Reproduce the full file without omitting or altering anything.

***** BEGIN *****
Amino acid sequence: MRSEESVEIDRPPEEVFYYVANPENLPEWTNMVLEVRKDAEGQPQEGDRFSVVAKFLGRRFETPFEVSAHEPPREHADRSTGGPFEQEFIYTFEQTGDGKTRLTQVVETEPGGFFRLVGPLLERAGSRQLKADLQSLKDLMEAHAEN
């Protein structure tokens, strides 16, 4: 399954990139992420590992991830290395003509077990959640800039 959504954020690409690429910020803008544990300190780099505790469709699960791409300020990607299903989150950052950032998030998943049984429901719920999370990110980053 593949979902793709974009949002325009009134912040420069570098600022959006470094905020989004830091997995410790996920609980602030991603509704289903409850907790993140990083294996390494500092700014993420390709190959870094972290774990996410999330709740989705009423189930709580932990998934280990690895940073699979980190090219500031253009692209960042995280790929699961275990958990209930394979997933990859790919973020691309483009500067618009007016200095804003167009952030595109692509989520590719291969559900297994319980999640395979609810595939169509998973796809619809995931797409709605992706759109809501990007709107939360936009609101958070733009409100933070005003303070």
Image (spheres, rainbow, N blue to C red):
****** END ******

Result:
Amino acid sequence: MRSEESVEIDRPPEEVFYYVANPENLPEWTNMVLEVRKDAEGQPQEGDRFSVVAKFLGRRFETPFEVSAHEPPREHADRSTGGPFEQEFIYTFEQTGDGKTRLTQVVETEPGGFFRLVGPLLERAGSRQLKADLQSLKDLMEAHAEN
């Protein structure tokens, strides 16, 4: 399954990139992420590992991830290395003509077990959640800039 959504954020690409690429910020803008544990300190780099505790469709699960791409300020990607299903989150950052950032998030998943049984429901719920999370990110980053 593949979902793709974009949002325009009134912040420069570098600022959006470094905020989004830091997995410790996920609980602030991603509704289903409850907790993140990083294996390494500092700014993420390709190959870094972290774990996410999330709740989705009423189930709580932990998934280990690895940073699979980190090219500031253009692209960042995280790929699961275990958990209930394979997933990859790919973020691309483009500067618009007016200095804003167009952030595109692509989520590719291969559900297994319980999640395979609810595939169509998973796809619809995931797409709605992706759109809501990007709107939360936009609101958070733009409100933070005003303070």
Image (spheres, rainbow, N blue to C red):